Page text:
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Neutering your dog

Neutering

Neutering means castration (removal of the testes) in a male and spaying (removal of the ovaries and uterus) in a female. This prevents unwanted pregnancy, curbs unwanted mounting behaviour and reduces the risk of certain diseases. Neutered dogs generally tend to be less aggressive towards other dogs and humans and they wander off less.

Spaying a bitch

We generally advise that bitches are spayed after their first season. The ideal time to spay is 3 months after a season because the womb has less blood supply at this time, making it less traumatic for the bitch.

Spaying is advised for non-breeding bitches as it prevents unplanned pregnancies and also has major health benefits:

  • Prevention of false pregnancies
  • Prevention of womb infections (pyometras) later in life
  • Spaying particularly before two years old reduces the risk of mammary tumours later in life.

The spaying operation involves a general anaesthetic and the surgical removal of both ovaries and the uterus through an incision made in the midline of the abdomen. We will ask you not to feed your pet from 8pm the night before the operation, to ensure that there is no food in the stomach when the anaesthetic is given.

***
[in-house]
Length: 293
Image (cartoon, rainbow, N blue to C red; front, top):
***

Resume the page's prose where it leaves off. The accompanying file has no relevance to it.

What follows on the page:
Your dog will usually be able to return home the same day. She will have dissolvable sutures under her skin that will need checking after 7 – 10 days by one of our nurses. You will notice that some fur may have been shaved from one or both of the forelegs where the anaesthetic injections will have been given and from her abdomen where the incision will have been made.

Castration

Other than birth control, the main reasons for castration are:

  • Reducing the tendency to roam
  • Reduce aggressiveness to other dogs
  • Reduce unwanted hypersexual behaviour

Puberty occurs when a dog is six to nine months old. Some dogs may not show any behavioural problems and so castration may not be necessary.

Castration involves removing both testes under general anaesthetic through a small incision in front of the scrotum. We will ask you not to feed your pet from 8pm the night before the operation, to ensure that there is no food in the stomach when the anaesthetic is given.

Your dog will be able to return home the same day. He will have dissolvable sutures under her skin that will need checking after 7 – 10 days by one of our nurses. You will notice that some fur may have been shaved from one or both of the forelegs where the anaesthetic injections will have been given and from his underneath where the incision will have been made.

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